Leafs Need Goaltending Assurance

Auston Matthews is the first player with 45 goals in his first 51 games since Mario Lemieux had 51 goals in his first 51 games of 1995-96.
Sportsnet via Twitter

TORONTO (Feb. 17) — Barring injury or a lengthy slump, Auston Matthews will become, this season, the first player to score more than 60 goals for the Toronto Maple Leafs. After his hattrick against Philadelphia, Matthews is on pace for 71, which would represent the highest total in the National Hockey League since Alex Mogilny (Buffalo) and Teemu Selanne (Winnipeg) counted 76 in 1992–93. Also, it would tie Matthews with Wayne Gretzky (1982–83) and Jari Kurri (1984–85) for the eighth–highest figure in NHL history. To call him, even now, the greatest sniper in the annals of the Blue and White is hardly premature. That could become official sometime next season, as Auston is 76 goals shy of drawing even with franchise leader Mats Sundin, who potted 420 in Toronto.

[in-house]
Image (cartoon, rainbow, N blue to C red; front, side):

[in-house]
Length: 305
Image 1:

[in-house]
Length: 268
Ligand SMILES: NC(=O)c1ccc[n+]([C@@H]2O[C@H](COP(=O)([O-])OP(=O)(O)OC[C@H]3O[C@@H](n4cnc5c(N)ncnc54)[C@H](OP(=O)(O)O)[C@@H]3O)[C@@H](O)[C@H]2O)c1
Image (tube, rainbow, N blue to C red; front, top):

How, then, do we reconcile that Matthews has a mere 22 goals in 50 career playoff games? Again, 45 in 51 this season; 22 in 50 all time when the stakes increase. Including not a single tally in the past six elimination matches and zero goals in the five–game loss to Florida last May. Yes, I know: I’m being “negative”. But, the numbers simply do not lie. Rather, they dovetail quite noticeably with the club’s poor record of one playoff–round victory in eight attempts since No. 34 came aboard as the first pick of the 2016 NHL draft. All of which means absolutely nothing to Brendan Shanahan and Brad Treliving, who have ensured that Matthews and William Nylander will be cornerstones of the team for the next four to eight years. With Mitch Marner almost certain to join them as a Leaf for life after next season. We can argue until the cows come home about the Leafs putting long–term faith in players that habitually shrink when the Stanley Cup hunt begins. That much is irrefutable, given documentation over seven years — a long time in professional sport with nothing tangible to show. I’ve made it abundantly clear that the Leafs, were they truly interested in competing for a championship, would have understood the need for fundamental change after the Montreal playoff debacle of 2021. Instead, Shanahan keeps on rewarding his elite forwards for accomplishment in the regular season while overlooking an obvious and glaring deficit once the playoffs begin.